In an organization where the safety level is high and incidents and serious accidents are very rare, a steady erosion of safety awareness and protective measures can occur, especially when productive demands rise. Thus, it is important to continuously identify and monitor aspects in the organization that can affect work performance and safety. In an ongoing joint research project between the LFV Group (Swedish state agency that operates airports and is responsible for air navigation services) and Lund University, the aim is to develop a questionnaire-based methodology for identifying and monitoring work and situational factors in Swedish air traffic control centers and towers in order to identify in advance aspects that can affect safety in the organization. This paper presents preliminary findings from interviews conducted to determine the variables for assessing work and situational factors as well as initial findings from a pilot study testing the questionnaire. Results from the interview sessions showed that when evaluating work and situational factors the following aspects should be included: safety culture, commitment, organizational climate, psychosocial work environment, leadership, communication, areas of conflict, and participation/involvement. Results from the pilot study showed that the majority of respondents found the questionnaire items to be of high relevance for finding deficiencies in the organization. Follow-up interviews or group discussions were recommended that would give additional and more detailed information. Preliminary results also revealed issues that could be further developed in the respondents’ work situations. Respondents with administrative tasks indicated communication skills and teamwork as areas for further improvement. Some air traffic controllers wanted more knowledge about aircraft specifications and a few thought it was too complicated to write reports on small deficiencies and incidents and believed this could negatively affect the safety reporting culture.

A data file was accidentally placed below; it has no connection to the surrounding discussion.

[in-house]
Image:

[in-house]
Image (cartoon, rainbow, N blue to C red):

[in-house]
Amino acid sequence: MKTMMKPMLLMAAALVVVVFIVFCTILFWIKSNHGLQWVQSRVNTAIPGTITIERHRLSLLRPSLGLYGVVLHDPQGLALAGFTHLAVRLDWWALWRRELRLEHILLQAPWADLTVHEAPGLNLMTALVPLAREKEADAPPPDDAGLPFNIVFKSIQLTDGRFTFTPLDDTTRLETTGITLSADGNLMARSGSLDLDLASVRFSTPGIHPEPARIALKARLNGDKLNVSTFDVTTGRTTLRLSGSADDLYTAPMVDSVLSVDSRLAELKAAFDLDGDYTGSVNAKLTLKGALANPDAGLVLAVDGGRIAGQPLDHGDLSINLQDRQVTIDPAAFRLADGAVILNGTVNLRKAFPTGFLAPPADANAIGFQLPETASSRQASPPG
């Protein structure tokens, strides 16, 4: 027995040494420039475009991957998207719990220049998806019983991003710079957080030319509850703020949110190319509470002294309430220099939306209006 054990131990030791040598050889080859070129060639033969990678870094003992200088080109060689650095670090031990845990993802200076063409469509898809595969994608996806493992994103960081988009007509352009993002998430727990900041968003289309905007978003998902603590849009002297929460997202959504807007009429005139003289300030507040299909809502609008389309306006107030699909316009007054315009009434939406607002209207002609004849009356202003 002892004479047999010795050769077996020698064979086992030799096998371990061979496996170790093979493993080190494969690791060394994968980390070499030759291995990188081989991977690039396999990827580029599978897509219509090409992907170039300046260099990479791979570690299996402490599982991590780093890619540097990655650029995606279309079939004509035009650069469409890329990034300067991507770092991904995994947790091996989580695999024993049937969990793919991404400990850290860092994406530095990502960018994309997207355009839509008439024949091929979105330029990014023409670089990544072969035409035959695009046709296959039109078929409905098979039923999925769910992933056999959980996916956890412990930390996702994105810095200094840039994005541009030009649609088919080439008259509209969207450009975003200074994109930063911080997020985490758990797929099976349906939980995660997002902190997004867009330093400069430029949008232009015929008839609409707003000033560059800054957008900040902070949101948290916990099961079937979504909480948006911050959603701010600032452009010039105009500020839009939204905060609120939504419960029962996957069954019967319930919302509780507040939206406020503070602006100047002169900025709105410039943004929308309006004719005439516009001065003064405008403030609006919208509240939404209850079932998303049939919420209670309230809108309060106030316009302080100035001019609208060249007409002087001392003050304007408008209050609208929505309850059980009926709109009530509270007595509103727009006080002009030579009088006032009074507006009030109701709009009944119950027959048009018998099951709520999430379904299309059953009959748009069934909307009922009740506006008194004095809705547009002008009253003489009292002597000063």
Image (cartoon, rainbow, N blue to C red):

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Published on 01/01/2009

Volume 2009, 2009
Licence: CC BY-NC-SA license

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